Nicaragua Diary, Day 3
We base the humidity comfort level on the dew point, as it determines whether perspiration will evaporate from the skin, thereby cooling the body. Lower dew points feel drier and higher dew points feel more humid. Unlike temperature, which typically varies significantly between night and day, dew point tends to change more slowly, so while the temperature may drop at night, a muggy day is typically followed by a muggy night.
Managua experiences significant seasonal variation in the perceived humidity.
The muggier period of the year lasts for 9.2 months, from March 22 to December 28, during which time the comfort level ismuggy, oppressive, or miserable at least 73% of the time. The muggiest day of the year is September 23, with muggy conditions100% of the time.
The least muggy day of the year is February 1, with muggy conditions 64% of the time.
First, this is not a whining post. Please don’t hear my tone that way. To describe living in Managua without discussing heat and humidity would be like describing living in Breckenridge, elevation 9,600, without mentioning thinner air. It becomes the constant of your life, your normal, but it’s also the underlying factor that impacts almost everything. There are studies linking climate to a culture’s characteristics, but that is beyond my expertise. I’m just talking about living with humidity.
It rained this morning. That cooled things off and I thought we might have a cooler game of ultimate today. I was wrong. The sun came back out by 8AM and the heat spiked. When I checked the weather report at 1PM, it said 79% humidity, 93 degrees, “feels like 103.” Not a dry heat. If you live in a tropical climate, you get used to heat, you suffer, or you leave.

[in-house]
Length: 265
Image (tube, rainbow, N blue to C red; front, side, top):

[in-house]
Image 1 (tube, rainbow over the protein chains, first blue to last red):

The Nicaraguans I know are adapted to the heat and the humidity. I believe every Nicaraguan I have known feels cold when it gets below 80 (which it doesn’t that often). Adults don’t wear shorts much, except when playing sports. I consider myself playing sports all the time. I tried for two years to adapt to wearing pants and failed. I wear them only when my social situation absolutely requires it.
My son has also adapted to humidity. He prefers wearing pants to school over shorts. He dislikes hot showers, even when we’re back in the States and they’re available. He and my middle daughter (who is simply cold-blooded) use flannel blankets here. Did I mention it rarely drops below 80 degrees?
Humidity drains energy. For me, it erodes patience. We’ll be home for dinner together, it may have been a perfectly fine day, and I will feel myself growing irritable. My kids haven’t done anything wrong, certainly nothing unusual or unreasonable, but I’m hot and sticky and when you add that to tired and hungry, it can go south quickly. I’ve learned to recognize that and do what I can to cool off.
When people tell me they could never do what we do, sometimes they mean “I could never live someplace that hot and humid.” I understand. Humidity holds heat in the air. Probably the hardest thing about living in Nicaragua for me has been suffering insomnia; I think the hot nights cause it, at least in part.